Record Year For UJA-Fed
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Record Year For UJA-Fed

Despite an economic downturn and the attacks on the World Trade Center that virtually halted fund raising by UJA-Federation for nearly three months, the organization announced it raised a record $252 million in the fiscal year that ended June 30.
"These are extraordinary results," said John Ruskay, UJA-Federation’s executive vice president. "A year ago the economy was weak and many of our senior volunteer leaders were predicting a huge decrease in giving. Some feared [the annual campaign] would be down as much as 15 to 20 percent."
As it turned out, the annual campaign, plus about $40 million raised for four special campaigns, amassed $167 million. Last year the annual campaign, which included money raised for a special poverty initiative, raised $135.6 million.
Paul Kane, UJA-Federation’s senior vice president, said this year’s annual campaign, exclusive of the special campaigns, was off by 4.5 percent compared to last year.
There was a surge of giving between April and June when UJA-Federation conducted a mass mailing focusing on the emergency fund-raising campaign for Israel.
"We sent out a letter with a pen and asked people to use it as an instrument of action," he said. "We asked them to write to friends in Israel, to public officials and to write a check."
Campaign officials pointed out that some donors divided their annual contributions between the Israel Emergency Fund and the general campaign, whereas others directed all of their money to the special campaigns. Thus the annual campaign slipped slightly.
Officials were pleased with those results, pointing out that the annual campaign is the backbone of UJA-Federation, funding as it does programs at home and overseas in such countries as Argentina and the former Soviet Union.
Kane said the total campaign raised nearly $251.8 million, including $37.4 million from planned giving, about $10 million less than last year; $40.8 million in capital development giving, about $5 million more than last year; and $6.6 million in other revenue.
He noted that the money was raised despite the terrorist attacks on Sept. 11, which forced the campaign to come to a virtual standstill for two to three months.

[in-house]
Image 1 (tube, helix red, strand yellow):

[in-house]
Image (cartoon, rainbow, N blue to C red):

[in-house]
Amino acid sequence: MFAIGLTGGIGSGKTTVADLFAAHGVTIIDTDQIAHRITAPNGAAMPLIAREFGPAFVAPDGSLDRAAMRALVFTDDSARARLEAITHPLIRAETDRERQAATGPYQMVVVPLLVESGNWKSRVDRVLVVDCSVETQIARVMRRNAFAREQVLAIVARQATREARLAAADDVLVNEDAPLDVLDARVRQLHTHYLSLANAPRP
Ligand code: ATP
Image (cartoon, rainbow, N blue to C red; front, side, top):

"New York was in shock and our campaign was down $9.5 million," he said. "Some honorees [of fund-raising dinners] backed out, saying it was the firemen and policemen who were the heroes, not them. Some large fund-raising events in the fall were canceled. And then overseas we went from one crisis to the next.
"It’s been a very difficult and challenging year; one of the most complicated campaigns I’ve ever run," Kane said. "But the bottom line is that the New York Jewish community came through. It saw the need and it gave us more money than ever."
He added that many donors to the special campaigns pledged the same amount over three years that they give to the annual campaign.
The number of donors also increased last year, from 84,554 to 88,318. More than a decade ago, the figure was above 100,000.
Kane observed that the special campaigns helped attract many of the new donors. He said the size of the average gift has yet to be calculated, along with a full analysis of the campaign.
To date, about 95 percent of all pledges are paid, Kane noted. But he said it is unclear whether that will continue in a faltering economy.
Of the four special campaigns run last fiscal year, Kane said the Israel Emergency Campaign would continue and be merged with the Terrorism Response Fund to help Israeli victims of Palestinian violence. The Terrorism Response Fund for New Yorkers affected by the Sept. 11 attack has ended, as has the drive to raise funds for Argentine Jewry.
Ruskay paid tribute to the efforts of the campaign’s co-chairs, Susan Stern and Peter May, "our other volunteer leadership, our extraordinary staff and the donors who made this possible."

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